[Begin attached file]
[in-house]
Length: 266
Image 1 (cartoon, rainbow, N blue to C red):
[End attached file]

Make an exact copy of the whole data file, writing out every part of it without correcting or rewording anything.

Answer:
[in-house]
Length: 266
Image 1 (cartoon, rainbow, N blue to C red):